Diana Sammataro, Blaise LeBlanc, Mark J. Carroll, Jennifer Finley and Mohammed T. Torabi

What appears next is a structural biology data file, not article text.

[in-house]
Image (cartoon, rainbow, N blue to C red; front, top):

We examined the antioxidant activities of wax cappings from honey bee drone and worker brood infested with the parasitic mite Varroa destructor, as well as from worker brood from different queen lines. We used assays that measured two separate aspects of antioxidant activity in wax cappings, namely free radical scavenging capacity (DPPH assay) and ferric ion reduction capacity (FRAP assay). Mite infestation tended to have different effects on the antioxidant activities of wax cappings of drone and worker brood. Wax cappings from infested worker brood had higher antioxidant activities than cappings from uninfested worker brood. By contrast, antioxidant activities of cappings from uninfested drone brood did not differ from the activities of infested drone brood cappings. Different queen lines shared a similar overall pattern of higher antioxidant activities in cappings from infested worker brood than cappings from uninfested brood, but differed in the absolute magnitude of the antioxidant activities. In particular, Italian and “hygienic” queen lines had proportionally much higher FRAP wax capping activities in infested brood relative to uninfested brood (313% and 311%) than Russian queen lines (171%).